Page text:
9 Principles For Effective Delegation of Authority in the Workplace

Principles of Delegation of Authority

Delegation of authority is a management philosophy by which a manager assigns responsibility to subordinates along with the necessary authority to carry out the delegated tasks.

When authority is delegated effectively it ensures employee satisfaction, increased performance, and increased productivity in the organization. For this, managers need to follow some principles of authority delegation which are specifically designed to create effectiveness in the delegation.

The following are the main principles you can follow for effective delegation of authority. They are:

Principle of Authority Level

According to the principle of authority level, the superior must take his authority level into account before granting authority. No one may assign authority that is not within their sphere of influence (position).

This authority delegation principle upholds the positional discipline that prohibits authority levels from being crossed or overlapped. It highlights the extent of authority and the standard at which it must be kept.

This means that managers at every level should make decisions based on their assigned authority whenever possible, and should only submit issues to superiors when their authority prevents them from making a decision.

Related: Levels of Management

Principle of Absolute Responsibility

This absolute responsibility principle of delegation, states that authority can be delegated but responsibility can not be. Meaning that responsibility is fixed on the superior even after delegating authority.

Every manager is responsible for the results and performance activities performed under him. He can delegate authority but in the end, he needs to be accountable for the results of his subordinates.

Managers can not escape from their responsibility. They should be responsible for the actions of their subordinates and should be accountable for ultimate goal achievement or failure to achieve.

Principle of Functional Definition

Suppose you have been delegated authority but you are not sure what actions are expected from you. Thus, the functional definition principle states that subordinates should be clear about the functions to be carried out when they are delegated.

This principle emphasizes that before delegating authority superior should define the functional area, limitations, and relation with other functions. This enables employees to be aware of what they are expected to do and can be prepared to best do the assigned tasks.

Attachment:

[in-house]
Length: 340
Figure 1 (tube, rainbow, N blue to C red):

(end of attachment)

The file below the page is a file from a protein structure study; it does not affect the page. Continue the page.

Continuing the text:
Related: Features of Delegation

Principle of Balance

The principle of balance is one of the most important principles of delegation of authority. This emphasizes that there must be a balance between authority and power delegated to subordinates.

While responsibility is the obligation to do assigned tasks and authority is the power to make necessary decisions, these two should co-exist with subordinates. This means neither excess authority nor less and neither excess responsibility nor less should be delegated to employees.

Excessive authority increases the misuse of authority by subordinates whereas lack of authority with responsibility increases the chance of delay in decision-making and execution of the task. Thus, this principle advocates that authority and responsibility should go hand in hand when delegated to employees.

Principle of Results Expected

According to this principle, before transferring authority, a manager should clearly identify goals, targets, and expectations for subordinates. This means that subordinates should be known about the results they should bring when they will be delegated. Only when results are expected from subordinates should authority be granted.

For instance, the sales manager should fix the target sales within a specific timeframe before granting authority to sales subordinates. Such a target should be communicated with subordinates before delegating authority.

Principle of Acceptance

Delegation of authority is also said as the two-side approach. One is the authority delegator and the second is the authority receiver. To this principle, subordinates should accept the delegated authority.

This means that successful delegation is only when the subordinates accept the delegated authority. Delegation is a formal process that should be performed within the legality of the company’s norms.

Managers should not force subordinates to accept the delegation, if done, jobs can not be done as expected. In addition, in the organization, the authority delegation should be done with the consent of employees.

Principle of Unity of Command

According to this principle, a subordinate should receive a command from only one superior at a time and be accountable to only one superior. This principle helps to avoid dual subordination in the command system.

Principle of Scalar Chain

The scalar chain states that there should be a direct chain of relationship in responsibility and authority throughout the organization. This helps in the smooth flow of communication.

While delegating authority, the principle of the scalar chain suggests that the superior should delegate the authority to subordinates who are in the scalar chain.

Principle of Exception

The exception principle of authority delegation states that managers should have exceptions to either increase, decrease, or withdraw authority in specific situations.

Employees must have unrestricted freedom to carry out their duties within the bounds of their authority. The manager must enable them to complete the task, even if they make mistakes, without interfering with their work. However, under exceptional situations, managers have the power to step in and even withdraw the subordinates’ authority.

Read Next: Process of Delegation

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